He was given probation as part of his sentence, which he violated when he got the DUI in July. That’s why he is currently in Florida, awaiting a decision on whether or not he’s headed to jail. Amelia Rayno of the Star-Tribune dug up what could happen during Friday’s hearing after talking to a Miami attorney familiar with the laws and the judge in this case:

Mait said Florida uses a point system to determine minimum sentence guidelines, and based on the points Mbakwe has accumulated for his offenses he could be in for a long prison sentence.

But according to Mait, this scenario is more likely: Samms will approach the prosecutor ahead of Friday’s hearing and try to work out a deal to present to the judge. This could include an alternative to jail time, such as community control (house arrest). Or it could include a modification of the probation itself, to include, for example a 30-day jail sentence (30 days being an arbitrary length).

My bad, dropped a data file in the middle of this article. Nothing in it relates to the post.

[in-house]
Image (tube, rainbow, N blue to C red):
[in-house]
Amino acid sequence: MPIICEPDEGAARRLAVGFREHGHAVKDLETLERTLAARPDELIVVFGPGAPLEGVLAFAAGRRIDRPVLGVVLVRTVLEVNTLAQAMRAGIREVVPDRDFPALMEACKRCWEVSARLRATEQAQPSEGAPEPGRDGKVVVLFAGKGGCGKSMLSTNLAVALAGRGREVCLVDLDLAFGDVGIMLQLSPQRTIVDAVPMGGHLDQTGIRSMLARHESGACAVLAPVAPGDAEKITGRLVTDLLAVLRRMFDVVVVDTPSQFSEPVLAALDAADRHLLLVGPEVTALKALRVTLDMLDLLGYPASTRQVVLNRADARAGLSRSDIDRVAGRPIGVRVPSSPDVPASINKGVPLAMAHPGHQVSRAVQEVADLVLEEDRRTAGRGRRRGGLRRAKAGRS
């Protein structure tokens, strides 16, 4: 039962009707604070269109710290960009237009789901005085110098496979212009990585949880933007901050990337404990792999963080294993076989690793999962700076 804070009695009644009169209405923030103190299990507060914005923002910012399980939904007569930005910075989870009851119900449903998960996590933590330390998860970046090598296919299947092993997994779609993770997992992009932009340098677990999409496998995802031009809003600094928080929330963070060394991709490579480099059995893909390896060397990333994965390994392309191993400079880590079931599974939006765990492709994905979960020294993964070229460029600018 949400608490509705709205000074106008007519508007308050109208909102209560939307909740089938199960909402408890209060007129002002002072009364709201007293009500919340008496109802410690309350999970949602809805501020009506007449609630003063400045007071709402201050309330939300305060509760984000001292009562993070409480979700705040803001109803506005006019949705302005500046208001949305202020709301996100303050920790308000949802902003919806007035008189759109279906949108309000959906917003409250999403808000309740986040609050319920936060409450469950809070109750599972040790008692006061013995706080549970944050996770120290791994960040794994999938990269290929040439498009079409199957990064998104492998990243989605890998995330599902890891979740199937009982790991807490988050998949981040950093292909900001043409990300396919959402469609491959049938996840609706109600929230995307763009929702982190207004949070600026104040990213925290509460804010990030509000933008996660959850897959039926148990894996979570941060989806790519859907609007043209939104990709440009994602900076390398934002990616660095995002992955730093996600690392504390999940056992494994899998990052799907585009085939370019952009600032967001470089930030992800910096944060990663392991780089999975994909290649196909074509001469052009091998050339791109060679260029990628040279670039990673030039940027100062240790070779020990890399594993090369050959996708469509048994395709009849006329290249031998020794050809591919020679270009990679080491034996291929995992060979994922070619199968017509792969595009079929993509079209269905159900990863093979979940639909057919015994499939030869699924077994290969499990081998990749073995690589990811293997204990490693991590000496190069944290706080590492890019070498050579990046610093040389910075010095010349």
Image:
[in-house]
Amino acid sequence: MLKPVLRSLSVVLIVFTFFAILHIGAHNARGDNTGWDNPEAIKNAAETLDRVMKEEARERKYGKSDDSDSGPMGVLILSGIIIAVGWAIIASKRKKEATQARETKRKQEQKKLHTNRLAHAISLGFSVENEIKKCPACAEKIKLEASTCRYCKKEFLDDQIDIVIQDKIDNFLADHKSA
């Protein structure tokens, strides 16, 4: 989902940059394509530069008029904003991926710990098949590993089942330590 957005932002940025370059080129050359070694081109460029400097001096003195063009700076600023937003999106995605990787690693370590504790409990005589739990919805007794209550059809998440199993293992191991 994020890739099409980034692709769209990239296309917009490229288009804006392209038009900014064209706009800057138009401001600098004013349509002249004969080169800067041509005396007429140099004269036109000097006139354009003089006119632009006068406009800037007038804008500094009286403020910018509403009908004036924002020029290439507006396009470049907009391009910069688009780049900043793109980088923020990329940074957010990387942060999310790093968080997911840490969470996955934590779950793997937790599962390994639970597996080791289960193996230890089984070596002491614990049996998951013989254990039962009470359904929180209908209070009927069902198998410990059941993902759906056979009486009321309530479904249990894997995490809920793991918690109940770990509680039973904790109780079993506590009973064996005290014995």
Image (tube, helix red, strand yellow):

“Generally, as long as the state’s (prosecutor) offer is a reasonable offer, the judge is going to go with whatever the state’s OK with,” Mait said.

The next question is how this will affect Mbakwe’s status on the team, but that’s another post for another day. Safe to say, Minnesota likely wouldn’t be too thrilled if Mbakwe had to spend time in jail. (Although they did say his status would be unchanged if he only received more probation.)

What has to be frustrating about all of this for Mbakwe is that it all stems from an incident that he has always claimed was misidentification. If he wasn’t faced with potentially missing the start of a second basketball season back in August of 2010, he may never have accepted any kind of punishment from that initial court case. And if he never agreed to a pretrial program, than a facebook message and a DUI wouldn’t have been anything more than a wake-up call.